Significantly, the same authorities indicate that this tendency to increasing inequality is a structural issue, arising from the policies implemented by governments.

By implication, then, reversal of this undesirable trend requires a new approach to policy setting.

Serious consequences of inequality

The consequences are of course more than economic in nature. There is the real ethical and political consideration of the sort of society we want to be.

Do we want to be the Australia which is communitarian and enacts policies underwriting the notion of the ‘fair go for all’?

Alternatively, do we want to be a society, as in the USA, in which individualistic ideals result in gross and progressively-worsening inequity, all in the name of an idealised unregulated market-driven economy?

There is no doubt about how Pope Francis answers this question. In his apostolic exhortation Evangelii Gaudium (#202) he writes:

The need to resolve the structural causes of poverty cannot be delayed… As long as the problems of the poor are not radically resolved by rejecting the absolute autonomy of markets and financial speculation and by attacking the structural causes of inequality, no solution will be found for the world’s problems or, for that matter, for any problems. Inequality is the root of social ills.

In Australia, there are many sound aspects in which we should rejoice. Inequality is not yet at a severe level. Economic growth has been continuous for more than 20 years, and we are a wealthy country. Society is generally cohesive and welcoming. These are things which we should not only cherish, but which we should also be actively setting out to protect.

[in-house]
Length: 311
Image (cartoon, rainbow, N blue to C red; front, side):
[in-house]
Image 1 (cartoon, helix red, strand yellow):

Bipartisan effort needed

The trend to increasing inequity in income and wealth in Australia is not somehow an accident of history. It is as a result of a mix of policies, in large embraced by both major parties. So if, as we commence this new parliamentary period, the major parties are speaking of a bipartisan spirit to budgetary reform, let us first see a bipartisan recognition that a major threat to our economic future and our social cohesion lies in a passive acceptance of growing inequality in Australia.

The fruits of such useful bipartisan dialogue would be not only to shine a light on appropriate economic and financial policy settings, but also to speak volumes to the policy mix needed in areas like incomes, education, health, housing, and environment.

By all means, let us have some bipartisanship, but let it be informed by clear appreciation that the current policy settings are exacerbating an adverse trend in equality, and that new settings to reverse this trend need to be adopted.

As concerned Australians, we cannot afford to become cynical about and disengaged from the political process. The Australia of ‘a fair go for all’ is being undermined, and we need to be vocal in encouraging our leaders to adopt structural change in the policy mix by seeking explicitly to address this inequality. Failure to do so will be to the detriment both of our society and of our economy.

Posted by on Aug 30 2016. Filed under Church and Social Justice, Economic issues, Feature, Politics, Recent articles by SPC members. You can follow any responses to this entry through the RSS 2.0. You can leave a response or trackback to this entry